ST. GEORGE – As news surrounding the elementary school shooting in Connecticut continues to flood news and social media, a question arises on how to cope with the tragedy – even one taking place 2,000 miles away.
“When I was a boy and I would see scary things in the news,” Fred Rogers wrote, “my mother would say to me, ‘Look for the helpers. You will always find people who are helping.’ To this day, especially in times of ‘disaster,’ I remember my mother’s words, and I am always comforted by realizing that there are still so many helpers – so many caring people in this world.”
The Utah Department of Human Services maintains crisis lines for people across the state for times when individuals feel the need to speak with someone else in the wake of a traumatic incident.
“Incidents such as these often incite high emotions and post traumatic stress disorder,” Elizabeth Sollis, public information officer for DHS, said in a release this afternoon, “thus, it is important for people to have (and) be aware of community resources.”
Regional crisis lines:
- Washington County – 435-634-5600
- Beaver, Garfield, Iron and Kane Counties – 800-574-6763
An entire listing of the state crisis lines are featured on the Utah DHS website.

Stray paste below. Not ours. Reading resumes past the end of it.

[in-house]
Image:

Another factor parents may consider is how the media coverage of the shootings at Sandy Hook Elementary in Newtown, Conn., may affect their children.
Tips are supplied on the Kidpower website in an article by child safety expert Irene van der Zande. One of the ways van der Zande suggests parents help their children is by taking charge of what media they are exposed to:
She wrote: “Media stories about tragic events can be compelling and cause us to believe that watching is doing something important and helpful. The problem is that exposure to terrifying images and horrifying stories is often unnecessarily traumatizing for adults and kids alike. Seeing upsetting situations on TV can feel as if it is still happening right now, even though the event is over.
“Unless you are in the midst of an emergency where you truly need minute-by-minute updates for your safety, turn off the radio, television, and Internet so that kids are not bombarded with this information. There is a difference between staying informed so we can take action if need be and becoming consumed with the need to know immediately in a way that becomes traumatic.”
The entire article can be accessed on the Kidpower website.
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